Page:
Tel Shaddud is strategically located in the northern Jezreel Valley, on the only road that crossed the valley from south to north and led from Tel Megiddo to Tel Shaddud. It is identified with biblical Sarid, a town that is only mentioned in the context of pre- and early monarchic Israel. According to Joshua 19: 10–15, Sarid was a border town between the tribal allotment of Issachar and Zebulun. In addition, biblical Sarid is mentioned in the Song of Deborah (Judges 5:13), most probably as the location of the decisive battle between the Israelites and the Canaanites from Megiddo and Taanach. Tel Shaddud is also identified as the Canaanite settlement śrt, recorded by Thutmose III.
Tel Shaddud was never excavated before, but archaeological explorations at the foot of the tel revealed a unique burial site, demonstrating continuity in burial practices from the LB II to the Iron IIA. This implies that the site was settled continuously from the time of Egyptian rule in Canaan utill the formation of early monarchic Israel. This is contrary to all other centers in the Jezreel Valley, which were destroyed during the turmoil of the 12th – 11th centuries BCE and their burial sites were abandoned. Moreover, an Egyptian-style anthropoid coffin was also found in the unique burial site of Tel Shaddud, implying that the site was related to Egyptian rule in Canaan during the Late Bronze Age. The unique and remarkable continuity and the possible relations to Egyptian rule brought them to explore this site.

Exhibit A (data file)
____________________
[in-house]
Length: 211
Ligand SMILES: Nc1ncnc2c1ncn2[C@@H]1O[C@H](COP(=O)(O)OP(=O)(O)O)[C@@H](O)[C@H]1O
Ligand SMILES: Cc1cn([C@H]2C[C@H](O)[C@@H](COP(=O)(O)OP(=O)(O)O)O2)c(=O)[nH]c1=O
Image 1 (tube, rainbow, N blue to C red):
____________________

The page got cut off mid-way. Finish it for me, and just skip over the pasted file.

The Tel Shaddud Excavation Project was formed by a collaboration between Tel Aviv University, the Israel Antiquities Authority, the Ruhr University of Bochum, and Friedrich-Schiller University in Jena. It aims to explore the socio-cultural shifts from Canaanite urbanism and Egyptian imperial influence to early monarchic Israel. Following a survey season (2022) the first excavation season unearthed a series of Mamluk, Crusader, and Hellenistic structures overlaying at least two Iron Age strata, the earliest of which showed signs of a destruction event from the late Iron IIA.
In the coming season, they will focus on both the Iron Age buildings (fortress?) and apparent fortifications including a gateway. They will also further clarify the medieval strata and aim to explore Late Bronze Age structures linked to Egyptian elite rule. Enthusiasts and scholars can join this international excavation, engaging in fieldwork, lectures, and hands-on exploration of Tel Shaddud’s rich history.
Jezreel Valley, Northern Israel
July 7 – August 3, 2024
Wednesday, May 1, 2024
Volunteers will stay in a school dormitory in the historic village of Nahalal. Prices are based on triple occupancy. All meals included. Grocery and restaurants nearby. Bed linens and towels are included and laundry is on-site. Free Wi-Fi is available.
Omer Sergi: Tel Aviv University
Karen Covello-Paran: Israel Antiquities Authority
Joachim Krause: Ruhr-Universität Bochum
Hannes Bezzel: Friedrich-Schiller-Universität Jena